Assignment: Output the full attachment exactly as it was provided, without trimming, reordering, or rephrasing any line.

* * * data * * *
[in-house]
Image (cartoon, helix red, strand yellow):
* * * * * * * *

[in-house]
Image (cartoon, helix red, strand yellow):